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Hopscotch Hour of Code

Hopscotch Hour of Code

Kodable CodeCombat Welcome, Inventors! App Inventor is a free, cloud-based service that allows you to make your own mobile apps using a blocks based programming language. You access App Inventor using a web browser (Chrome, Firefox, Safari). With these beginner-friendly tutorials, you will learn the basics of programming apps for Android devices. You will need: A Mac or Windows computer (see system requirements)An internet connection You will make a mobile app, so it's fun to see it run on a phone or tablet while you build the app (and after!). Choose which way you want to connect to run your apps, and follow the links to setup instructions: Android mobile device (phone or tablet) and wi-fiAndroid mobile device (phone or tablet) and a USB cableOn-screen emulator If you hit any snags, we're here to help! Teachers: Get support and tips for preparing for App Inventor hour of code with your students. We have four tutorials to try out for the Hour of Code. For each tutorial, we have multiple ways of accessing them: What's Next?

Teachers talk about TKP The TEACHERS resource section of the TKP site is organized as follows: General Topics for teachers on this site include the following: what we teach (i.e. which languages, software, IDEs, etc..),where we teach (i.e. links to events),who teaches (list of trained TKP teachers by location)how to teach the using the Intention Method (i.e. list of general teaching tips for all of our courseware) In addition we are adding teaching resources for each recipe (or lesson unit) to this site. text description of concepts taught by section of recipe (i.e. for recipe, for variation, for recap, for quiz, etc…)tips to teach each sectionshort video for teachers on teaching tips for that sectionXtras for that recipe – these can include warm-up (mini) recipes and more We welcome any and all feedback about the usability and usefullness of our courseware and teacher training materials. Here are some more CS resources for teachers from Google – CS resources – here from Microsoft - US Teacher resources – here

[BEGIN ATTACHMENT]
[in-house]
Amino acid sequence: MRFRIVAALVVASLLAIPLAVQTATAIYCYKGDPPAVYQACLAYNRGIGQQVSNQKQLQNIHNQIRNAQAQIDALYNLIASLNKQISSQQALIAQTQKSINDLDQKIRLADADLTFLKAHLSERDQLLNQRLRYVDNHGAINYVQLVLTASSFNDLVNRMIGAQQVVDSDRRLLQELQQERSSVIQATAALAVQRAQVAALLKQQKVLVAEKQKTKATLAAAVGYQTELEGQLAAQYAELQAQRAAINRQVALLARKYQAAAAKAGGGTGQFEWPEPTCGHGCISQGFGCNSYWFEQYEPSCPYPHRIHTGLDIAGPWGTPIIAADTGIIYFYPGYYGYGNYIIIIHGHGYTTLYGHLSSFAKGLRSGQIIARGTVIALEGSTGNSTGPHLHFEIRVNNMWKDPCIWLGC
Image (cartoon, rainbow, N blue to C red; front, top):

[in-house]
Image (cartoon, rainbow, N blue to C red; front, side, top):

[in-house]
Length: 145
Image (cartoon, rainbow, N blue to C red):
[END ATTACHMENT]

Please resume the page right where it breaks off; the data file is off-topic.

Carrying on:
the Hour of Code is coming On Monday, October 14, 2013, Code.org announced the “Hour of Code," a campaign to introduce 10 million students to one hour of Computer Science. Live stream of the announcement Microsoft, Google, Apple, Amazon, Bill Gates, Mark Zuckerberg, Jack Dorsey Among Those Joining Campaign SAN FRANCISCO and SEATTLE – October 14, 2013 – Code.org, the non-profit dedicated to promoting computer science education, today announced a nationwide campaign calling on every K-12 student in America to join an "Hour of Code." The initiative asks schools, teachers and parents across the country to help introduce more than 10 million students of all ages to computer programming during Computer Science Education Week, December 9-15, 2013. The organization also announced the support of multiple organizations and individuals, including Google, Microsoft, Amazon, Apple, Bill Gates, Mark Zuckerberg, Reid Hoffman and Jack Dorsey. Hour of Code - A tutorial featuring technology leaders New donors and partners Get involved